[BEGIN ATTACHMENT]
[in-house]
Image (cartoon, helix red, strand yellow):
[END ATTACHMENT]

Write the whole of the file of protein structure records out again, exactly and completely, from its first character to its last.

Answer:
[in-house]
Image (cartoon, helix red, strand yellow):